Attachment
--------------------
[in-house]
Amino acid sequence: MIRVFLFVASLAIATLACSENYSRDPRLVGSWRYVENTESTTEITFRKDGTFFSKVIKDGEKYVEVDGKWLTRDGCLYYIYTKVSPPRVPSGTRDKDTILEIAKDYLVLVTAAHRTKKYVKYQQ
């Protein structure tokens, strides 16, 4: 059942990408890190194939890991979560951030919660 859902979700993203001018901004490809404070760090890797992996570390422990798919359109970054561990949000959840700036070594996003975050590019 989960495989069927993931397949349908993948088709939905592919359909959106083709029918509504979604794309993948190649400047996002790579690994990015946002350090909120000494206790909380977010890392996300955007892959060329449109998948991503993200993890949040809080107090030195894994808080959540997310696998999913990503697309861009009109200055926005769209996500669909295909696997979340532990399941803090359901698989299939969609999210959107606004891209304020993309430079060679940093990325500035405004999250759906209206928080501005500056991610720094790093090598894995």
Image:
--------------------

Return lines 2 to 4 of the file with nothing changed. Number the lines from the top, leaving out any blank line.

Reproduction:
Amino acid sequence: MIRVFLFVASLAIATLACSENYSRDPRLVGSWRYVENTESTTEITFRKDGTFFSKVIKDGEKYVEVDGKWLTRDGCLYYIYTKVSPPRVPSGTRDKDTILEIAKDYLVLVTAAHRTKKYVKYQQ
């Protein structure tokens, strides 16, 4: 059942990408890190194939890991979560951030919660 859902979700993203001018901004490809404070760090890797992996570390422990798919359109970054561990949000959840700036070594996003975050590019 989960495989069927993931397949349908993948088709939905592919359909959106083709029918509504979604794309993948190649400047996002790579690994990015946002350090909120000494206790909380977010890392996300955007892959060329449109998948991503993200993890949040809080107090030195894994808080959540997310696998999913990503697309861009009109200055926005769209996500669909295909696997979340532990399941803090359901698989299939969609999210959107606004891209304020993309430079060679940093990325500035405004999250759906209206928080501005500056991610720094790093090598894995």
Image: